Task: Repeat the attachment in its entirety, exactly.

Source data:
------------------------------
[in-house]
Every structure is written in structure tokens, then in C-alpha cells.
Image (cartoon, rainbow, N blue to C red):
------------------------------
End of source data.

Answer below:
[in-house]
Every structure is written in structure tokens, then in C-alpha cells.
Image (cartoon, rainbow, N blue to C red):